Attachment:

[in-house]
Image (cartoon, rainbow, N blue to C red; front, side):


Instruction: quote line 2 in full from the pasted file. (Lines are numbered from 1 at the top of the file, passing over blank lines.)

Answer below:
Image (cartoon, rainbow, N blue to C red; front, side):